Some of the applications on Ubuntu 10.04 like Gwibber can fail if they don’t get responses quickly enough from a DNS so one solution is to run a local copy of Bind9 which will handle the requests locally. This will not only solve some of the problems but would also speed up dns lookups in general.
A simple installation
First you need to install bind:
peter@kira:~$ sudo apt-get update peter@kira:~$ sudo apt-get install bind9 dnsutils
Configure local networking
Next you need to configure networking to always use your local bind. Now this depends on if you are using static IP’s or DHCP.
For static IP’s simply replace the dns server addresses with that of your server, either 127.0.0.1 or it’s own IP address on your network.
For DHCP, you need to tell it to ignore the dns settings. To do this:
- right click the network icon in the tool bar and select Edit Connections
- select the interface you want to use the dns server like Auto eth0 and press Edit
- Select the IPv4 Settings tab and change the method from Automatic (DHCP) to Automatic (DHCP) addresses only.
- Apply everything and you should be set.
Common problems to look out for
The following are common problems you should be aware of before you setup bind9.
IPv4 or IPv6
Ubuntu comes with both IPv4 and IPv6 enabled, however if you are not using IPv6 – or quite probably your ISP is still not supporting it either you may notice bind is a bit slow. This is because it’s trying to do lookups using IPv6 first, timing out so it then uses IPv4 which works.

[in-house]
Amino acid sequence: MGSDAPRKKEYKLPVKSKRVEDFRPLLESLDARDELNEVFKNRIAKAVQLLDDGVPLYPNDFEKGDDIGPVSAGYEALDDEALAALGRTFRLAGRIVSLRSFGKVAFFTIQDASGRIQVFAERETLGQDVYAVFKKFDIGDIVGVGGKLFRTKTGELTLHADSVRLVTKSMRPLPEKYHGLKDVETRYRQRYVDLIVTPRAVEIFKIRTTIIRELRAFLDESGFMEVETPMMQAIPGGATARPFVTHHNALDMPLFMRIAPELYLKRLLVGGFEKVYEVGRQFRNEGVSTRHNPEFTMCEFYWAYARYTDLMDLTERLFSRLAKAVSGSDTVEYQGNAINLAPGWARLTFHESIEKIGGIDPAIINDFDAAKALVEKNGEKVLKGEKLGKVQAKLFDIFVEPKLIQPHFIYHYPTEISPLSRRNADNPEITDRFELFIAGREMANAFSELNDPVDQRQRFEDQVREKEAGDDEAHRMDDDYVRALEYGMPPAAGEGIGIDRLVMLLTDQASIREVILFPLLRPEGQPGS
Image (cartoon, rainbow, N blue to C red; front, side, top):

To fix this you need to turn off IPv6 within bind.
peter@kira:~$ sudo vi /etc/default/bind9
Find the line starting with OPTIONS= and add -4 to it. Here’s what mine looks like.
# run resolvconf? RESOLVCONF=yes # startup options for the server OPTIONS="-4 -u bind"
Once you have done that, when you next start/restart bind9 it will use IPv4 only.
Installing bind9 with dnsmasq already installed
If you already have dnsmasq installed you must either uninstall it first or, if you want to keep it as your DHCP server, disable it’s DNS server first otherwise the installation will fail as both cannot use the same port.
Now with dnsmasq you can’t actually do this but you can trick it by getting it to run on a different port. Simply edit /etc/dnsmasq.conf and add the following line near the top of the file:
Once you have done that then restart dnsmasq then you’ll be able to install bind.
Next we’ll cover how to create zone files defining your local network
4 thoughts on “Configuring bind9 on Ubuntu 10.04”
On the 1st page, I think /etc/defaults/bind9 should be /etc/default/bind9. Great write-up though!
yes you’re right it is meant to be /etc/default/bind9, going to fix that typo now
Great page. It worked just like you said it would.
I have set up secondary DNS on Ubuntu 10.04, and the zones have transferred from Go Daddy’s Primary DNS to my secondary.
It would be great if you could put some info regarding TSIG on Ubuntu 10.04 for secondary DNS.
Great page! Thank you for sharing.